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Question 27#

A college wrestler develops cellulitis after abrading his skin during a match. He is afebrile and appears well, but the lateral aspect of his arm is red and swollen with a draining pustule. Gram stain of the pus shows gram-positive cocci in clusters. Which of the following statements is correct? 

A) The patient will require hospital admission and treatment with vancomycin
B) The organism will almost always be sensitive to oxacillin
C) The organism is likely to be sensitive to trimethoprim-sulfamethoxazole
D) Community-acquired methicillin-resistant staphylococci have the same sensitivity pattern as hospital-acquired methicillin-resistant staphylococci
E) The infection is likely caused by streptococci

Correct Answer is C

Comment:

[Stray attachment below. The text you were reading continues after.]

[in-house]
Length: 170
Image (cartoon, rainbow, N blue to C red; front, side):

Community onset skin infection is often caused by community-acquired methicillin-resistant S aureus (CA-MRSA). Over 63% of S aureus isolates from the community were methicillin-resistant in one study. However, these isolates are different from the methicillin-resistant S aureus seen in the hospital setting. CA-MRSA isolates are sensitive to linezolid and trimethoprim-sulfamethoxazole and to a lesser degree to clindamycin and tetracyclines. They are resistant to beta lactams and erythromycin. In healthy individuals such as the wrestler described, hospitalization and treatment with vancomycin would not be necessary. Telavancin, ceftaroline, and daptomycin are alternatives to vancomycin in some circumstances for the management of community-acquired or hospital-acquired methicillin-resistant S aureus. Streptococci usually cause a rapidly spreading cellulitis without pustule formation.